Keith Bagcongo

DATALBLAO VILLAGE, Columbio, Sultan Kudarat
B’laan natives of Sitio Lamalis here have rejected the bid of a mayoral bet defeated in the last May 14 polls to establish a tribal government in the municipality, as they stressed that it is only for his alleged personal interest.
The defeated mayoral bet reportedly tried to lure some tribal i organizations, through their leaders, to the municipality by promising the natives monetary assistance from the office of the President.
Datu Agustin Dabi, a tribal leader of the Lagfisan Tribal Council here, said defeated mayoral bet Tunggal Magundadatu is trying to establish the Municipality of Mamalu Tabunaway for the B’laan natives in town.
But Dabi said they are opposed to Magundadatu’s plan because he is not a full-blooded native and doesn’t live in Columbio but in Koronadal City. Magundadatu was a former councilor of this town, he added. “If the people had liked him, he would have garnered more than just 600 votes ( out of a possible 11,000) when he ran for town
mayor “:
“We will only agree to his plan if we B’laans, not he, will head the government, since he is a Muslim claiming to be part native by blood,” the tribal leader said
Dabi said Magundadatu reportedly proclaimed himself as the mayor of the tribal government in the municipality without proper consultation with his ‘constituents’. Magundadatu reportedly disclosed that he was supposed to have been vice- mayor of the tribal government, a position he claimed he later declined when he discovered it could mislead his people and also because of the strong opposition of his 1, 757 tribal council members.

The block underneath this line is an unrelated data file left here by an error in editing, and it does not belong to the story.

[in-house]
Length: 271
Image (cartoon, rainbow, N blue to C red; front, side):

“I was convinced by Jerry Sumugod, a defeated I1onggo councilor bet, to serve as vice-mayor because he knew that I have many constituents but I later withdrew because my men did not want to join them,” Dabi explained, adding that he had the B’laan’s support if he would be the mayor of the supposed tribal government.
The consultations among the other natives in the area are still going on since they started after the May 14 polls. According to Dabi, most of the natives are opposed to Magundadatu.

Fake documents and a ridiculous deal
To gain the support of the lumad, the defeated mayor reportedly prepared a document bearing forged signatures of
some tribal leaders in town, says Toing Yuba, whose signature was among those forged.
We were able to obtain a copy of the alleged bogus statement of support for Magundadatu. “We have agreed that Mayor Tunggal Magundadatu has guided us in our aspiration and that he, as mayor, will help us establish a tribal government for the B’laan natives. We therefore ask for his help so that we may be recognized by the local and national government,” the document read.
According to Yuba, he was surprised to see his signature affixed on the document as a tribal leader when, in fact, he is only a member of the council. “I did not sign that document and I don’t know what support Tunggal is talking about. We are opposed to that tribal government; we have never been consulted”, he said.
Dabi added that Magundadatu’s aide, Cesar Lasib, had once come to their village and asked the tribesmen to write their names on a sheet of yellow pad paper. The list of signatures, Lasib had said, was to determine the number of beneficiaries for some forthcoming medical supplies, sacks of rice, canned goods and noodles.
“I told my people not to sign because it was difficult to believe it was an official letter when it was only written on a sheet of yellow pad paper. So he (Lasib) left without the signatures of my people,” the trial chieftain emphasized.
Yuba also disclosed that Magundadatu and Sumugod had also tricked two tribesmen named Genek Malid and Malayon Malid into signing a document stating that they had received 50 carabaos from Sumugod, then a councilor of the municipality. Unknown to them, they had affixed their signatures to a paper donating 10,000 hectares of their ancestral land to Magundadatu.
“The two thought that it was an agreement saying that they have received the working animals but actually the document stated that they have donated their land to Tunggal,” Yuba clarified.